is inaugural address on March 4, 1825, John Quincy Adams declared, "From the experience of the past we derive instructive lessons for the future." This was not mere political rhetoric. Our sixth president was, of course, the son of a key Founding Father who had served as the young republic's second president. But the son was an accomplished public figure in his own right, with a keen sense of history. As the country grew, he wanted it to reaffirm a connection with the generation of 1776 and the political ideals of its founders.
During that crucial formative period in the early 19th century, as settlers moved West and a series of canals helped to strengthen the country economically, "All Americans," according to historian Andrew Burstein, "agreed upon one thing, and it seemed, one thing only: that homage should be paid to their Revolutionary origins. It was that universal devotion which promised to preserve a language of unity and harmony and pure motives in an era of widely divergent tastes and purposes. Behind them lay glory days, ahead lay civil war. For them, as for us, the past was a comfort."In his rich new study, America's Jubilee, Burstein attempts "to uncover the soul of the (Revolution's) successor generation." To do this he introduces us to a wide range of personalities, some largely forgotten today, using a variety of sources private letters and diaries, public addresses, newspaper accounts to give us a vivid account of individual experiences, attitudes and thinking as the country prepared to celebrate its 50th birthday in 1826.
Burstein writes that a prominent figure in 1826, William Wirt, author of both fiction and nonfiction and U.S. attorney general for 12 successive years, "arguably did more than anyone else of his generation to link the Romantic movement in America with the Revolutionary spirit." Wirt's Life of Patrick Henry, published in 1817, was not an objective biography, for the author wished "to restore the Revolution to living memory for his generation, even if his book had to take on a quasi-mythical character." It was Wirt who was selected to give a "masterful oration" in the U.S. Capitol on the nation's 50th anniversary.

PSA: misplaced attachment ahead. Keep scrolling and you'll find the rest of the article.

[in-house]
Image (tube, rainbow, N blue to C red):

Burstein explores his theme through the writings and public careers of such figures as Henry Clay, Andrew Jackson, Marquis de Lafayette and John Randolph. He writes in some detail about the remarkable coincidence of the almost simultaneous deaths of Thomas Jefferson and John Adams on July 4, 1826, a symbolic passing of the torch to a new generation. He discusses the differing accounts of the last words of the two founders, who heard those words, and how they have been remembered by later generations. Among many public events associated with the deaths, a particularly moving one was Daniel Webster's address in Boston. Burstein describes it as a "message of national religious significance.
Some of the most enlightening chapters of the book concern writings by people who were not public figures. Ruth Henshaw Bascom of Massachusetts began keeping a daily journal when she was 17 years old and continued to maintain it for 57 years. Her father had helped to organize the Massachusetts militia and had fought with George Washington at the nearly disastrous Battle of Long Island. "The most perceptible emotion one recognizes in reading Ruth's adult years' writing is her devout acceptance of the fragility of life," Burstein notes.
Burstein convincingly makes the case that contrary to popular myth Jacksonian democracy did not arise and flourish only with the election of Andrew Jackson in 1828. It was already established before that. "In mid-1826 the now 'knightly' Hero of New Orleans loomed as the embodiment of the democratizing conscience. There is a better way to put it: the democratic conscience prevailed in America already, and only lacked a president who would resurrect Jefferson's convincing call for the restriction of privilege."Roger Bishop is a regular contributor to BookPage.